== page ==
Carbon Offset Market Opens to Small Southern Timberland Owners

Carbon Offset Market Opens to Small Southern Timberland Owners

Here is a good article about using carbon credits to encourage private landowners to engage in better forestry practices.


While most carbon credits are environmentally and economically dubious, if we insist on these subsidies, let’s direct them towards holistic practices that reduce fire hazards while improving soil fertility.


NOTE: this article was originally published to on August 1, 2023. It was written by Ryan Dezember.


Commodity trader Mercuria to buy credits produced by BP’s Finite Carbon 


One way to generate carbon offsets is forgoing wood harvests so that trees can keep sucking carbon dioxide from the atmosphere.


One of the country’s largest forest-carbon firms is launching a platform to enable Southern-timberland owners to sell carbon offsets on properties as small as 40 acres, expanding a market that has mostly been limited to owners of vast wooded tracts.

Finite Carbon, which is majority owned by energy giant BP, said it would begin this month to enroll landowners in 13 Southern states in the program. Landowners will be paid quarterly if they agree to not cut down trees for 20 years and then maintain a steady volume of standing timber on their property for another two decades. The trees must be big enough to be salable at the time the no-cut contract is signed.

Finite has arranged more than $900 million of forest-carbon deals for large U.S. landowners such as timberland investment firms, conservation groups and tribes, dispatching foresters to remote woodlands to measure trees and calculate how much carbon is held on properties that are tens of thousands of acres.

That is only economical for big tracts, so Finite is using Forest Service data, satellite imagery and computer programs to determine how many offsets smaller landowners can sell if they promise not to cut, said Finite Chief Executive Sean Carney.



Mercuria Energy Group agreed to buy the offsets through a Tennessee startup that the Swiss commodities trader backs called LandYield. Mercuria plans to hold some of the forest credits—each representing a metric ton of sequestered carbon—to offset emissions generated by its fossil-fuel businesses and to sell the rest to other companies looking to reduce their own carbon footprints, said Josh Fain, LandYield’s director of operations.

“We are convinced that private, nonindustrial landowners have a significant role in both mitigating climate change and in fostering the long-term health of U.S. forests,” said Enric Arderiu, Mercuria’s global head of environmental products.

There are several ways to generate carbon offsets, which are awarded for reducing greenhouse gases, such as capturing methane emissions from dairy barns and mines. The most popular in the U.S. are associated with forgoing wood harvests so that trees can keep sucking carbon dioxide from the atmosphere as they grow.

Forest offset guidelines developed by regulators in California for the state’s cap-and-trade emissions market have spread to unregulated markets. Firms such as Finite broker so-called voluntary offset deals between landowners and companies that have promised to cut or make up for emissions.

Wall Street firms, such as T. Rowe Price Group’s Oak Hill Advisors and J.P. Morgan Asset Management, have made some of the largest timberland purchases in recent years with an eye toward producing carbon offsets, not wood products.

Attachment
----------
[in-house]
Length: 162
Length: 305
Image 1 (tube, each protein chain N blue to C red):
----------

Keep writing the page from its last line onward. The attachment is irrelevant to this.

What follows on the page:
Even the country’s biggest lumber producers are crunching numbers to see where they can earn more by reducing logging and selling offsets. Weyerhaeuser CEO Devin Stockfish said last week that America’s most prolific logger expects to sell 30,000 offsets this year against some of its timberlands in northern Maine at more than $20 apiece. Weyerhaeuser is planning two more offset projects in the Southeast.

There have been other efforts to bring the South’s thousands of individual timberland owners into the offset market.

NCX, bankrolled by CEO Marc Benioff and others, in 2021 facilitated payments from companies including Microsoft and Shell to timberland owners who agreed to defer logging for one year. But subsequent offerings were stalled after a carbon-standards organization said last year it wouldn’t approve NCX’s methodology.

The American Carbon Registry, another offset vetting group, approved Finite’s small-tract methodology in 2021. “The carbon gains we think are really clear,”  LandYield’s Fain said.

Finite embarked in 2019 on plans for a platform where owners of between 40 acres and 5,000 acres could find their property, circle where they wanted to sell offsets and get an instant estimate of the payments.

It started by using computers to compare the government’s forest inventory with satellite images, locating pixels that matched one of the thousands of plots surveyed by the Forest Service, Finite’s Carney said. Next, Finite’s data scientists made programs to simulate clear cuts on every wooded property, using each state’s logging rules to determine which trees could be cut and which couldn’t, such as along streams.

 We basically had to map everything in advance and then develop a carbon project for the entire Southeast,” Carney said. “We’re taking a cookie cutter and putting it on that, but the dough is already all rolled out.”

Once landowners sign up, they must attest periodically that the trees are still standing. Finite will check quarterly using a program it patented earlier this year to detect changes in the forest using satellite imagery.

Mercuria and LandYield have agreed to pay $11 an offset for the first three years, Fain said. Thereafter market pricing will dictate payments. He estimated landowners could earn between $30 to $40 per acre a year.


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